Even as President Obama was signing legislation for additional war funding last week, a new report was calling for a “substantial and immediate” increase in Pentagon funding to deal with what it called a “significant and growing gap” between the U.S. military and the challenges it faces.
The report, from an independent commission created by Congress, seems at odds with the views of Defense Secretary Robert Gates, who has warned the Pentagon that reforms there are critical simply to retain the current force structure. He points out that the Pentagon’s basic budget has nearly doubled in the last decade.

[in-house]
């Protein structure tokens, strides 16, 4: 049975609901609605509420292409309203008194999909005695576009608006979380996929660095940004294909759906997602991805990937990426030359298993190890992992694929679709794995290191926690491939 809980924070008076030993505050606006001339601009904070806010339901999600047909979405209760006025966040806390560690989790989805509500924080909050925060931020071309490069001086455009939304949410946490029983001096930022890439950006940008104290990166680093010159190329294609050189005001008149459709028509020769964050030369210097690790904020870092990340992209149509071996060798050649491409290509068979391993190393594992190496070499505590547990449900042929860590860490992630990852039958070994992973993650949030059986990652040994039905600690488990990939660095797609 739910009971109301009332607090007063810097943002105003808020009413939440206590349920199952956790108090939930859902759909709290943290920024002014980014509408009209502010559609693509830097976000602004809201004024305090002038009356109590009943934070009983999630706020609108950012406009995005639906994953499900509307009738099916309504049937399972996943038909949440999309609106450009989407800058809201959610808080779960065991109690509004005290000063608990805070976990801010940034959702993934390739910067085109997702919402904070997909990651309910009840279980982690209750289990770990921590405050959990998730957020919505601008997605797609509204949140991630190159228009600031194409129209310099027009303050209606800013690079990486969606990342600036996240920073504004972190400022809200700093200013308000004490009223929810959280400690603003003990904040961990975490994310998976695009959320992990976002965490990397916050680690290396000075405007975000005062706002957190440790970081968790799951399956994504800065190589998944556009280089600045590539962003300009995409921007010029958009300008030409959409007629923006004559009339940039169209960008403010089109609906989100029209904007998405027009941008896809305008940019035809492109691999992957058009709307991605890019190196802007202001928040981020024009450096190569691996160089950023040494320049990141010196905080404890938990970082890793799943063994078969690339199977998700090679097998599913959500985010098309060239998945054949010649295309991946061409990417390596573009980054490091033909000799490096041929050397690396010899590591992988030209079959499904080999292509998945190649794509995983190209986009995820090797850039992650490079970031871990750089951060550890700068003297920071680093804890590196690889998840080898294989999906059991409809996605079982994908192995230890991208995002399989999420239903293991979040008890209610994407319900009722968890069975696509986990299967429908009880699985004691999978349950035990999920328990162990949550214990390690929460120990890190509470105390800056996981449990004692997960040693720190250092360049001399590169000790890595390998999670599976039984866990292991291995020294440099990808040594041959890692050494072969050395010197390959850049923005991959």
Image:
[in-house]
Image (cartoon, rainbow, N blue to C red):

The Concord Coalition believes that Gates is on the right track. In a new blog posting, Concord Communications Director Steve Winn says that in the short-term, the Pentagon must work hard to find savings and economies where they are possible. In the longer term, military spending will have to be on the table along with everything else as the country figures out how to bring down massive budget deficits.
The controversy over engines for F-35 fighter jets illustrates the reluctance of some members of Congress to cut back on the extravagance of the past. They want two different companies making engines for the F-35. Gates and the White House rightly oppose this as wasteful.